Inspiration comes in many forms, whether movies and books, nature, or just out of necessity. Regardless of the source, today scientists are coming up with many developments that really could turn us into superhumans. Things that were previously unheard of may now be a reality in the not-too-distant future.
Ten years ago, touch-screen phones were the tales of science fiction films, and bionic limbs were only just surfacing – but now, they have changed the way our very lives work. Here we survey four developments that really could change the way we live in the future.
Now you see it, now you donâ??t!
Ever since Harry Potter donned his invisibility cloak in the famous series by JK Rowling, reports have surfaced that scientists had created a real-life cloak that could render objects (and maybe people!) invisible. In late 2012, a Nature Materials studyÂ made a breakthrough, with Professor David Smith and his colleague Nathan Landy, both of Duke University, succeeding in “cloaking” an object perfectly for the first time. For now, the illusion only works from one direction, but you can be sure that they will develop it for other wavelengths too. Superhuman, perhaps not, but wizards, definitely yes!
Not only are scientists making things in Harry Potter come to reality, but theyâ??re also making the stuff of comic books come true. Inspired by how geckos can scale walls and even hang upside down from polished glass, scientists have been looking closely at the mechanisms needed in order to make synthetic adhesives like the kind on the geckoâ??s feet. Such synthetic adhesives could yield transformative results in the fields of robotics, industry, medicine, sports, and clothing. A Spider-Man suit in the not-too-distant future is one very real possibility!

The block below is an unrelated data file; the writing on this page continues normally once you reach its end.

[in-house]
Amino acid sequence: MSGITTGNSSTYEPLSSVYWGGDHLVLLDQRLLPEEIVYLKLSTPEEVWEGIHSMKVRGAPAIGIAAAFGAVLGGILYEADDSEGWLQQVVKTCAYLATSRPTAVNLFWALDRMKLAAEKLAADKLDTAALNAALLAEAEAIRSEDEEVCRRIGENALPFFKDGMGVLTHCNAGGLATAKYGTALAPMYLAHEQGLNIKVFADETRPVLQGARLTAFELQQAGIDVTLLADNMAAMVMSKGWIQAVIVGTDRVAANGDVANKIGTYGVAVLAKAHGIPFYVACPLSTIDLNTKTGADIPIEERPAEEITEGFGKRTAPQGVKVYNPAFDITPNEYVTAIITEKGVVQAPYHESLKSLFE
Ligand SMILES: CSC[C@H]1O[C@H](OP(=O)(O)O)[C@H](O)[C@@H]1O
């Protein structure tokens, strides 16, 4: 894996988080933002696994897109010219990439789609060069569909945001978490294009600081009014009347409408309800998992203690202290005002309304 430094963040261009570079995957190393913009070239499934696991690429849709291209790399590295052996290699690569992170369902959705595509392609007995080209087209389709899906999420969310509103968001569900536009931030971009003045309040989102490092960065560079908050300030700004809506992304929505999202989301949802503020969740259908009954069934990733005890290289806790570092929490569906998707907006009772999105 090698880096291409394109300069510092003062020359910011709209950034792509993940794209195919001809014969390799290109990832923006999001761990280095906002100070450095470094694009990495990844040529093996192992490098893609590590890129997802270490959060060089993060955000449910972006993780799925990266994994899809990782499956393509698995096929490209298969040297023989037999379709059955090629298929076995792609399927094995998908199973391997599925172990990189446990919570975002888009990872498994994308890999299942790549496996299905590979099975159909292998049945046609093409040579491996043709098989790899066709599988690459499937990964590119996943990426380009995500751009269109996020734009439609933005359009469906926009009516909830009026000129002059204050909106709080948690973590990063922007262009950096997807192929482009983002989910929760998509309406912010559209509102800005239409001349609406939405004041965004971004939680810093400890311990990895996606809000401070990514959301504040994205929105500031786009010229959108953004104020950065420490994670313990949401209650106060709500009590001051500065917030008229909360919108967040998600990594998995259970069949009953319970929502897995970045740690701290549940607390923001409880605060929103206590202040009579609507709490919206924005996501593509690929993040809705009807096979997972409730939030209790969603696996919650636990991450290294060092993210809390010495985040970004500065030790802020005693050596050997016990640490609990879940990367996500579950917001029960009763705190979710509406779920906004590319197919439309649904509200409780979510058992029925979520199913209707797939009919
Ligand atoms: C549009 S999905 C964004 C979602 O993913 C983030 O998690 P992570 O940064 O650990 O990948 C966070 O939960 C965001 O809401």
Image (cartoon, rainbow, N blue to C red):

Weâ??ve got self-chargingâ?¦how about self-replacing?
How good would it be if your phone could repair its own cracks, your shoes never wear out, and your tennis racket replace itself? In 2001, a study led by Scott White from the University of Illinois at Urbana-Champaign revealed that liquid healing agents could help electric circuits and materials heal themselves when damaged, restoring electrical conductivity. This development holds great promise for the military field as well as for space systems. Scientists are continuing to work on re-healable polymers and composites. Who knows what they might discover next!
Just apply thisâ?¦and itâ??ll disappear!
According to research published in the journal Science in 2012, ultra-thin electronics that dissolve in the body are now indeed a thing of reality. Made of silicon and magnesium oxide and and placed in a protective layer of silk, these electronics have already been trialled on small wounds to heat them and keep free of bacteria. What does this mean for the medical world? Ultra-thin electronics present many exciting opportunities, not limited to healing wounds after surgery, slowly releasing drugs into the body, and building sensors for the brain and heart. It might even be used as an environmentally friendly preference over dumping computers and phones in landfill – we bet environmentalists are delighting over this one!
Amanda Shelby is a university student and freelance writer who is interested in all things health and technology. You can find her reading up aboutÂ silicone mouldingÂ in her spare time.
Image courtesy of freedigitalphotos.net /Â Jeroen van Oostrom[shareaholic app="share_buttons" id="4703992"][shareaholic app="recommendations" id="4704000"]